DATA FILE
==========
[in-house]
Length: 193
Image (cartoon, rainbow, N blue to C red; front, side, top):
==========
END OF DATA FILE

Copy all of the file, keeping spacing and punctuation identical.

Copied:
[in-house]
Length: 193
Image (cartoon, rainbow, N blue to C red; front, side, top):